Before the Beatles, most of the hit songs that appeared on weekly music charts weren't written by the same people who sung them. It wasn't even until the '60s that the majority of artists started writing down their personal feelings and experiences.

For some artists, songwriting came as naturally as breathing. So naturally, in fact, they couldn't quite fathom anyone lacking the skill. “As far as songwriting, any idiot could do it,” Bob Dylan said in the book Songwriters on Songwriting. “Everybody writes a song, just like everybody’s got that one great novel in them.”

Dylan viewed it less as a revelation than a necessity to move through life – something that really wasn't all that remarkable of a skill “unless,” he admitted, "someone’s gonna come along with a pure heart and has something to say. That’s a different story.”

And that's something the artists on the below list of the Top 40 Singer-Songwriter Albums can attest to.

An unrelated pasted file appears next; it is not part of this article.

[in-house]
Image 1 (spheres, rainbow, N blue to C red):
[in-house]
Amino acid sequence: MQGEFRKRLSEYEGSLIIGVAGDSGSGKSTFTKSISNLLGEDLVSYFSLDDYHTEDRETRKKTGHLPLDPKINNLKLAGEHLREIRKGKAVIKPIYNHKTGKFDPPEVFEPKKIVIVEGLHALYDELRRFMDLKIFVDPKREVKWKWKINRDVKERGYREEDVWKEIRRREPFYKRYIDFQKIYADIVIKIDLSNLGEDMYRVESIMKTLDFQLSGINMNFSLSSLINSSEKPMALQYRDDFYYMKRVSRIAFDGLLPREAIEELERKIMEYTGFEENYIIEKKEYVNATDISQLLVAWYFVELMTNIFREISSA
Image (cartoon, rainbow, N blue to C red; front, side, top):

Most songwriters also agree that it's a vulnerable profession. “I started scraping my own soul more and more, and got more humanity in it. It scared the singer-songwriters around me; the men seemed to be nervous about it," Joni Mitchell told Clive Davis in 2021. “Like, ‘Does this mean we have to do this now?’ But over time I think it did make an influence. It encouraged people to write more from their own experience.”

Singer-songwriters often, though not always, accompany themselves on piano or guitar. Whatever the format, as you'll see below, they helped usher in an era of commercial success during the '60s and '70s by telling their most intimate stories through song.

Top 40 Singer-songwriter Albums

From Bob Dylan and John Lennon to Joni Mitchell and Billy Joel.

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